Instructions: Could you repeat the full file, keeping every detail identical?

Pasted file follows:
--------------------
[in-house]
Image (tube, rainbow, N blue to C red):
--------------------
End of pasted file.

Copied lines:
[in-house]
Image (tube, rainbow, N blue to C red):